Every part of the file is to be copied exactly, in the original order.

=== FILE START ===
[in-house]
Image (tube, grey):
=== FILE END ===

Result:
[in-house]
Image (tube, grey):